Georgia lawmakers are considering replacements for the state’s touch-screen voting machines that were adopted statewide 15 years ago and that have been criticized because they don’t produce a paper trail. The state House Science and Technology Committee heard on Thursday from representatives of three different voting technology companies. “We’re just trying to understand what options the state of Georgia has,” said state Rep. Ed Setzler, a Republican from Acworth who chairs the bipartisan panel. … Susan Greenhalgh with Verified Voting, a non-partisan, non-profit organization that pushes for measures to make elections accurate, transparent and verifiable, said after the hearing that system the state currently uses is old, has raised security concerns and has already been abandoned by other states for that reason. “The time is now for Georgia to fix their voting system,” she said. “It’s good the legislature is taking this up and we hope they move quickly.”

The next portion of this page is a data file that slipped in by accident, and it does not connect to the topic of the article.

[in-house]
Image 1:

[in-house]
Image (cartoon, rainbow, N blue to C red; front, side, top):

The three companies the committee heard from are: Election Systems and Software, based in Omaha, Nebraska; Denver-based Dominion Voting; and Hart InterCivic, based in Austin, Texas. The company representatives walked the lawmakers through different voting systems, including touchscreen machines that produce a paper record that is then scanned and paper ballots that are filled out by hand and then fed into an optical scanner.
Greenhalgh told the committee that her group, which was founded by computer scientists, doesn’t endorse a specific vendor but recommends that states use paper ballots completed by hand and then read by an optical scanner. Much of the rest of the country has already moved to that option, she said.
The low-tech nature of a power ballot makes them reliable even in the case of an event like a power outage, and it’s also a cheaper option because the state would only need to buy a scanner for each polling place, rather than multiple individual voting machines, she said.